Winn’s teachers and SLP at Sonny Carter describe her as a delightful 5th-grade student. They say she currently uses a NovaChat device for her main means of communication at school. At school this device is known by her peers and teachers as her "talker"! Winn carries her "talker" from class to class, for all activities, and to lunch. She uses it to greet teachers, staff, and friends in the hallways, as she enters the room, and around the school. She enjoys using her NovaChat at lunch to chat with her friends. Her "test answer" page allows her to respond to multiple choice and true/false questions during assessments or class response activities. You will often find Winn in a group of students who are so eager to talk with her using her "talker". She enjoys being social and her “talker” helps her engage in more meaningfully communicate. She is currently working at the sentence level to communicate. For example, she will create a sentence such as "I am hungry or I want to eat to express her wants and needs. Winn knows that she needs to use her "talker" at school to communicate her needs. While social academic-related communication is critical and made possible by her NovaChat, Winn can also use her "talker" to communicate more serious, personal information. For example, Winn recently was not feeling well at school. When asked what was wrong, she responded with "I am sad. I am sick. I want to go home. I need mom." Winn was, in fact, sick and was quite happy to see her mother when she came to pick her up from school. Without her NovaChat, this important message would have likely not been known. Winn's NovaChat makes a wide range of communication possible at school, and with staff training, implementation becomes more successful each week.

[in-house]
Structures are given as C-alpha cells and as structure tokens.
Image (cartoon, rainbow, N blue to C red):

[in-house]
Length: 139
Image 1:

It’s always great to hear success stories like this. Everyone is so proud of Winn and glad to share her story. They all know Winn will continue to be a great success.

NOVA Chat version 1.13.0 now available

Check out the latest update, version 1.13.0 for your NOVA Chat Device and NOVA Chat Editor.  It has some awesome new features, including auto updates!